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From the field - Harapan Rainforest, Sumatra

Marie Briggs
27 January 2012
Blog team: 
Kew's GIS and South East Asia team report from the forests of Sumatra. This is the first of their posts.

24 January 2012 – first day of fieldwork

We are sitting here in the field office in the Harapan Rainforest still working at 11.30pm after our first day in the field. It’s been a long day already and we will probably work further into the night (collating results from the day’s work / labelling photos / tweaking data entry forms) but it has been very productive.

We set out from the main camp this morning, excited with anticipation of what the day would bring and keen to get on with the job at hand, only to be stopped in our tracks five minutes outside of camp by a fallen tree, blown down by last night's storm (it’s the rainy season). Fifteen minutes and several machete chops later we were on our way again, driving along the boundary road towards our first study sites.

Moving a fallen tree from the road

The boundary road from camp is interesting in that it marks the official boundary of the park in this area. On one side of the dirt road is Harapan Rainforest and on the other is an oil palm plantation. This is such a potent image because much of Sumatra’s native rainforest has been chopped down to make way for this lucrative crop and here you have both facing each other in an apparent ‘stand-off’.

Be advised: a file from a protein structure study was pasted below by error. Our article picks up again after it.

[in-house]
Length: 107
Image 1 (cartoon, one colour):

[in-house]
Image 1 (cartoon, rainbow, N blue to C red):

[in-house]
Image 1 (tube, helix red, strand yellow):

Oil palm plantation on the left and rainforest on the right

Our aims

On this trip we will compare the different vegetation types we think we can see from our satellite images with what is actually present on the ground. From this we can produce an accurate and up-to-date vegetation map for the forest. Our mapping expert, Jenny, looks at satellite maps of the forest and decides from them what she would like us to classify. We then go to those points in the forest, set up plots and record various data including the diameter of some of the trees. Some of the buttress roots mean that our team have to think of innovative ways to gather the data.

Not letting large trees get in the way of collecting data!

There is much to do before tomorrow’s foray out into the forest so we had best sign off - see our next blog for a selection of images showing what we’re finding in our forest plots. 

- Marie -

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